Perfection based thinking is rooted in mistake avoidance and impossible standards.
Where does it show up?
This way of thinking can show up in a variety of ways in our life: diet, productivity, exercise, parenting, relationships, self-love, etc. Regardless of the category, this way of thinking can become a source of stress and suffering. It makes us very sensitive to setbacks or any signs of failures or mistakes that might arise.
Perfection based thinking sounds or looks like this:
“I was so busy today, and yet I accomplished nothing.”
“I need to get it all done today: my morning routine, work, eat healthy, exercise, spend quality time with my partner, volunteer, do the kids homework, organize my closet, get enough sleep.”
“Reading and re-reading your emails/text before and after you send it and beating yourself up if you have a typo.”
Perfection: You have to do it all perfectly
Have you ever thought you had to do it ALL and if it didn’t ALL get done (to your satisfaction) then it wasn’t good enough, which means you are a failure and so you beat yourself up and tell yourself to try harder tomorrow?Perfection-based thinking becomes about doing “it” perfectly, without ever making a mistake. Which, while impossible, does not seem to stop one from trying. It leads to guilt, good is never good enough, procrastination at work and in life, and second-guessing and analysis paralysis.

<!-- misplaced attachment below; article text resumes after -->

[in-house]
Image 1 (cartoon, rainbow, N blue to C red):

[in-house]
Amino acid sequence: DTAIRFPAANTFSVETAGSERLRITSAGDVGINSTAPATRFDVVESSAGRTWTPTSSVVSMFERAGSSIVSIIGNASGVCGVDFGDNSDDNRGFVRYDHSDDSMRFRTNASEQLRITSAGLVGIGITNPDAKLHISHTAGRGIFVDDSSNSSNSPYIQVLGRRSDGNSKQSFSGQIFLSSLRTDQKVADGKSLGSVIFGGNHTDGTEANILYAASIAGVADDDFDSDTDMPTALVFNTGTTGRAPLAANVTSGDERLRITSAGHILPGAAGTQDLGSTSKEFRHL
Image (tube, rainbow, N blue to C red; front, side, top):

What’s the antidote to perfection?
The ANTIDOTE to perfection-based thinking is SELF-COMPASSION. Learning to be self-compassionate will allow you to release unrealistic standards, meet yourself with kindness, and remind yourself that making mistakes is part of being a human.
Self-compassion is linked to optimism, self-efficacy, and personal initiative. This way of thinking helps you reframe how you view your life and how you respond to difficult situations.
Three ways to practice self-compassion:
1. Schedule a time in your day to practice. A tiny act of self-kindness, breathing, positive self-talk on your walk, a long bath or 5 mindful breaths at your office.2. Journaling in the morning for mindset or soul work. Use this time to remind yourself that you are worthy of compassion and kindness. “Brag on yourself” 3. Reframe your thoughts. Think about a time that you made a mistake or were hard on yourself. How would you talk to your friend, partner, a child when they make a mistake? Now repeat those words to yourself as often as needed. Remember that self-compassion is not lazy, weak, selfish, or self-indulgent. It’s the opposite. Research shows practicing self-compassion makes us better caregivers, friends, parents, and partners. Be kind to yourself, Caroline 💜